# Derivative help

• Lynne
In summary, Lynne is having trouble finding y' of y = ln \frac{\sqrt{3}-\sqrt{2} cos x}{\sqrt{3} +\sqrt{2} cos x}, but she is able to find y' of y = \ln \left( \sqrt{3} - \sqrt{2}\cos x \right) - \ln \left( \sqrt{3} + \sqrt{2}\cos x \right) after simplifying the derivative.

#### Lynne

Hi,
I need help on this:

## Homework Statement

$$y = ln \frac{\sqrt{3}-\sqrt{2} cos x}{\sqrt{3} +\sqrt{2} cos x}$$

find $$y'$$

## The Attempt at a Solution

I know that answer should be: $$\frac{2\sqrt6 \ sinx}{3-2cos^2 x}$$ , but can't find it:

$$y'= ( ln \frac{\sqrt{3}-\sqrt{2} cos x}{\sqrt{3} +\sqrt{2} cos x} )' =$$ $$\cfrac{1}{ \cfrac{\sqrt{3}-\sqrt{2} cos x} { \sqrt{3} +\sqrt{2} cos x }}\ (\frac{\sqrt{3}-\sqrt{2} cos x} {\sqrt{3} +\sqrt{2} cos x} )'$$ $$\ =\ \frac{\sqrt{3}+\sqrt{2} cos x}{\sqrt{3} -\sqrt{2} cos x}\ (\ \frac{(\sqrt{3}-\sqrt{2} cos x)' (\sqrt{3} +\sqrt{2} cos x) - (\sqrt{3}-\sqrt{2} cos x) (\sqrt{3} +\sqrt{2} cos x)' }{(\sqrt{3}+\sqrt{2} cos x)^2}\ )=$$

$$= \frac{\sqrt{3}+\sqrt{2} cos x}{\sqrt{3} -\sqrt{2} cos x} \ ( \ ( \dfrac{{\dfrac{1}{2\sqrt3}- \dfrac{cosx}{2\sqrt2}+\sqrt{2}sinx)(\sqrt{3}+\sqrt{2} cos x)-(\sqrt{3}-\sqrt{2} cos x) \ (\dfrac{1}{2\sqrt3}+ \dfrac{cosx}{2\sqrt2}-\sqrt{2}sinx) }} { (\sqrt{3}+\sqrt{2} cos x)^2 })\ )$$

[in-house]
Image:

$$= \frac{\sqrt{3}+\sqrt{2} cos x}{\sqrt{3} -\sqrt{2} cos x} (\frac{1}{2\sqrt3}-\frac{cosx}{2\sqrt2} +\sqrt2sin x +\frac{1}{2\sqrt3}+\frac{cosx}{2\sqrt2}-\sqrt2sin x)$$

$$=\frac{\sqrt{3}+\sqrt{2} cos x}{\sqrt{3} -\sqrt{2} cos x} \ \frac{1}{\sqrt3}$$

You messed up when you took the derivatives while using the quotient rule.

$$\frac{d}{dx}[\sqrt{3}-\sqrt{2}cos(x)] = 0-\sqrt{2}[-sin(x)] = \sqrt{2}sin(x)$$

$$\frac{d}{dx}[\sqrt{3}+\sqrt{2}cos(x)] = -\sqrt{2}sin(x)$$

The rest is just simplifying, which should be fun =)

Last edited:
Lynne said:
Hi,
I need help on this:

## Homework Statement

$$y = ln \frac{\sqrt{3}-\sqrt{2} cos x}{\sqrt{3} +\sqrt{2} cos x}$$

find $$y'$$

Actually, to make your life easier, use properties of the natural log. For example,
$$\ln\left( \frac{f(x)}{g(x)} \right) = \ln f(x) - \ln g(x)$$
Then your problem changes to finding $y'$ of
$$y = \ln \left( \sqrt{3} - \sqrt{2}\cos x \right) - \ln \left( \sqrt{3} + \sqrt{2}\cos x \right)$$
Computing and simplifying this derivative will be much easier.

n!kofeyn said:
Actually, to make your life easier, use properties of the natural log.

Yes, that is much easier! I was being so narrow-minded when approaching this problem because I was trying to figure out where Lynne made a mistake, so I used the same method.

Thank you very, very much!